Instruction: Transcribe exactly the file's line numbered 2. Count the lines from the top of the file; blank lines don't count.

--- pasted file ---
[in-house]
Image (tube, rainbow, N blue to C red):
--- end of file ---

Image (tube, rainbow, N blue to C red):